Officials at Savannah Technical College say the new Hyundai plant could impact their programs

Published: May. 23, 2022 at 5:50 PM EDT
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SAVANNAH, Ga. (WTOC) - The newly announced electric vehicle plant in Bryan County is expected draw more than 8,000 jobs to the area. And local technical programs and schools we talked to say that presents an opportunity for them to train workers at that site.

During a Sunday speech Savannah Mayor Van Johnson applauded the electric vehicle site but said the plans present some challenges.

“These are tech jobs. So the challenge for us, this plant opens in 2025. What are we going to do to get our young folks prepared to take advantage of those opportunities when they come,” Savannah Mayor Van Johnson said.

The mayor vowing to work with area schools saying he wants Savannahians to have the chance to work at the plant.

“What I plan to do is to make sure we have some type of pathway – working with our Board of Education, working with our technical college to make sure that people have an opportunity to be prepared for those opportunities,” Savannah Mayor Van Johnson said.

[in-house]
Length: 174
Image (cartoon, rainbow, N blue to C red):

Officials at Savannah Technical College say they’re ready to meet those employment needs.

“We’ll be at the table to discuss their training needs and to find out how exactly how we can best serve them so that we have coastal Georgia’s workforce ready to go when the point comes and the plant’s ready to open,” Gail Eubanks, Executive Director of Institutional Advancement said.

Savannah Tech officials say they might need to make adjustments to their programs as state leaders and Hyundai work to identify exactly what skills employees will need to work at the plant.

“We might want to expand in our automotive area to bring in curriculum that’s specifically related to electric vehicles or the creation of batteries. We might want to expand in our industrial systems area to bring in a specialization that relates exactly to how Hyundai does work on their line,” Eubanks said.

The school says adjustments have been made in the past and that they work with other technical colleges to develop programs that fit the needs of incoming industries.

School leaders say workforce development for the mega site will be a years-long process since production at the plant isn’t expected to start until 2025.

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